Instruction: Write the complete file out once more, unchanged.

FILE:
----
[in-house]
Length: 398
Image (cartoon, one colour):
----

[in-house]
Length: 398
Image (cartoon, one colour):